Governor Hassan, in an unguarded (but on-the-record) moment at the August meeting, said before the PP contract vote, “I’m sure Planned Parenthood would review its operations if this was voted down.” When the contract was voted down a few minutes later, Hassan’s team was ready with a blistering press release: “It is clear that today’s vote is the result of an ideological and political attack against Planned Parenthood and a woman’s right to make her own healthcare decisions …The council’s vote to defund Planned Parenthood will hurt the health and economic well-being of thousands of Granite Staters.” No mention there of PP reviewing its operations. Likewise, there was no mention of how the health and economic well-being of thousands of Granite Staters could be hurt by removing only $319,000 from PPNNE’s $20 million annual budget. (Remember, the denied contract was for $638,000 over two years.)
Note that no one on the Council intends to retire from public office this year.
Councilor Colin Van Ostern, a Democrat, is running for Governor. So is Chris Sununu, a Republican.
Councilors Joe Kenney (R), Chris Pappas (D), and Dave Wheeler (R) are running to keep their Council seats.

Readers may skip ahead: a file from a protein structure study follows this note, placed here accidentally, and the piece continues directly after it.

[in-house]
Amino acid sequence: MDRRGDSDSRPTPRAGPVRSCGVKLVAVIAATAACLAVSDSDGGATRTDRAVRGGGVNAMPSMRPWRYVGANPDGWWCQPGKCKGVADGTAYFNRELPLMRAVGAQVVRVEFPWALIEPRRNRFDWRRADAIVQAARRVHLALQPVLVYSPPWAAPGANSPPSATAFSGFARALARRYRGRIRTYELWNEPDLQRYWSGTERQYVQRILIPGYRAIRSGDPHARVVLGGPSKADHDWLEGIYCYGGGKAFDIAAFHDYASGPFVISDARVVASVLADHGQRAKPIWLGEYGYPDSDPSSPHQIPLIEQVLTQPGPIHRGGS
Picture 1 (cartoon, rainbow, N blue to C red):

As for Governor Maggie Hassan (D), she is running for the U.S. Senate seat currently held by Kelly Ayotte.
What happened between those two dates was a lesson and a warning: anyone who tries to stop giving money to PP, however small an amount, will be smeared. Also, PP shrewdly turned Komen’s decision into a fundraising opportunity, reportedly getting $250,000 in donations within days – donations not earmarked for breast health work, by the way.
Fox News reported at the time that Komen grants to PP totaled roughly $680,000 in 2011 and $580,000 in 2010, “going to at least 19 of its affiliates for breast-cancer screening and other breast-health services.” Those services were (and remain) primarily manual breast exams. PP does not do mammograms, as PP leader Cecile Richards affirmed to a Congressional committee in 2015.